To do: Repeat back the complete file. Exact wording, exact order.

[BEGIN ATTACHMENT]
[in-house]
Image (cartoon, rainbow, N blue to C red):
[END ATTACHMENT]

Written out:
[in-house]
Image (cartoon, rainbow, N blue to C red):